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protect property

How to Protect Your Property from Trespassers

Courtesy of National Land Realty

When you invest in a property, you don’t want to be worried about trespassing or theft.  It doesn’t happen too often, but if it does, you want to make sure you’re prepared and have done everything you can to prevent it from happening again. Coming up with a plan to protect your property and prevent trespassing even when you’re not always present on your property will save you a lot of time and money in the long run. Here are some things you can do to protect your property from trespassers:

  1. Put Up New Signs

This may seem like a common-sense thing to do, but it’s the easiest and cheapest task to add to your plan. Putting up new “no-trespassing” signs will show people that you are alert and frequent your property often. Rules for putting up signs on your property vary from state to state. So, make sure to check with your local land authorities on how to set them up correctly.

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  1. Get to Know Your Neighbors

This one’s important. If you’re the new owner of your property, you’ll want to meet the owners of the land next to yours. Even if you’ve owned your property for several years already, it’s still wise to introduce yourself to the neighbors. Friendly neighbors are sure to keep an eye out and let you know if they see something suspicious.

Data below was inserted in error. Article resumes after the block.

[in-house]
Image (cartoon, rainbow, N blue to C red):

1. Conduct Regular Inspections

Be sure to set up a regular schedule of times throughout the year to walk your land. Go through your property each time, tracing boundary lines and make notes of any significant changes or anything specific you want to remember. Later, you can look back on your notes if you ever see something that looks a bit off. This can help you determine if someone has possibly been trespassing on your property.

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  1. Limit Access Points

Having a “one road in and one road out” system will limit the amount of access points for trespassers to make their way in. Having a gate with a lock at the entrance also helps with this.

These are just a few simple and quick things you can do that will help protect your property from trespassers. By doing these four steps, it’s not guaranteed that you’ll never have any trespassing problems, but it does mean that you’re prepared, and potential trespassers will certainly see that!

About the Author: National Land Realty is a full-service real estate brokerage company specializing in farm, ranch, plantation, timber and recreational land across the country. NLR currently represents land buyers and sellers in 20 states.

wildfire

How To Protect Your Land From Wildfires

Any land expert will tell you that wildfires are an occasional occupational hazard of the job and increasingly common natural disaster encountered by landowners. Without the right protection, wildfires can be the deadliest part of working with land or owning land. Last summer, over a million acres of land and 43 lives were lost to the devastating wildfires in California. While people are still figuring out how to prevent natural disasters, there are steps you can take today to protect yourself and protect your land from a wildfire.